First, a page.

but the dog lowered his ears and made for the bedroom

after rising to his feet.

 

The previous three Labs used to lower their ears

but this fourth one summarily beat a retreat

which makes the folk guitarist squirm in his seat

and wonder if Labs and little kids are true music lovers

or just snobs hooked on some obscure chording such as

A #, Gm, Cm, and E

with a sharp to the 7th, you see.

He supposed there were more things in canine and

little kid heaven and earth than he could ever possibly see,

and unto the Bard a sincere apology. 

 

Three More Days of the Condor

For three days, the condor

swooped down on the appointed

officials and flew through the

proper channels only to slam

into the sealed vault door.

 

He then perched by the open

door of the newsroom and

waited for the momentous

moment to leave the perch

and land on the editor’s desk.

 

Years and years later, the senator

stated that there should be no

clemency and that he had his

chance to use the proper govern-

mental channels instead of going

 

rogue and landing in cyberspace.

Perched high above, the condor

watched and whistled, “Fool me

once shame on you. Fool me

twice, shame on me.”

Appearances and Vicissitudes

He wondered what the cute girl with the cute butt would look like after fifty years, but she died before he could

see.  He guessed it wouldn’t have been good if she were able to make it to the reunion.  She had a disease

of the pituitary gland that left her divorced from her Ivy League professor husband, living with her younger son

in Tucson, Arizona, doing needle-point and looking like a female version of the Hunchback of Notre Dame with a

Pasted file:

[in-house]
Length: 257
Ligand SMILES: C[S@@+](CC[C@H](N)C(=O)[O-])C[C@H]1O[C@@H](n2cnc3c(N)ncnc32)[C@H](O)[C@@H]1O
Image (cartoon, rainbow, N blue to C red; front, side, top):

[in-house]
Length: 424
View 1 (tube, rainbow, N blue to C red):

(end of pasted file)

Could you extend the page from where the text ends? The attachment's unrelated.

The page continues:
hairy moon face. One day, she got out of bed, fell over and died. He had had his own sorrows but hearing that

just left him with his head shaking even after a few old classmates at the reunion didn’t recognize him after he

gained a few pounds and lost hair. He looks in the mirror and sometimes sees a hairy moon face before shaving. 

Once in a while, he still dreams about the cute girl and her cute butt.

Where Are They?

Where are they – the little ones

who have suffered more deeply

than any child should suffer at

their young and tender age –

the death of their mother, who

carried them in the warmth of

the womb and held them following

the trauma of birth, which some

think to be Adam and Eve’s fall?

 

Where are they after holding

her soft hand trick or treating

and wearing the costume she

made for them not to mention

being held in her arms in the

holiness of the baptism before

which they were told of and

seeing the pride in her eye at

graduations?

 

They, the children of their mother,

have survived, endured and per-

severed to hold their own babies

in the comfort of their arms, to

walk them in the neighborhood

on Halloween but sometimes,

in the silence of the night, when

their spouses are sound asleep,

they hug a pillow and weep.

 

On A Cool, Crisp Saturday

On a cool, crisp Saturday,

salted in-the-shell peanuts

came to mind.  He thought

about cracking them, eating

the salty nut and tossing the

shell into the dune grass as

he sat on a chair on the front

porch while taking in the

golden foliage of a mid-fall

day in his cottage near the

Big Lake. Unfortunately,

the peanuts were stale so

the remainder of the bag

was tossed into the front

yard to mingle with the

maple leaves for the chip-

munks and until spring

when they will be ground-

up and carried away once

a year with the cut dune grass.

He went back to watching the

University of Michigan/ Michigan

State game on T.V. and dug

into the remainder of the bag

of relatively fresh pistachios.

Filling a bowl with shells and

a few nuts he couldn’t crack,

he opened the front door and

tossed the bowl-full into the

dune grass for the mice

while a neighbor blew recently

fallen leaves off his recently

mown grass with a really noisy

gas driven leaf blower. Not

wanting to suck in the pollution

or listen to the roar, he closed

the door and went back to

the game. Michigan State

had the lead.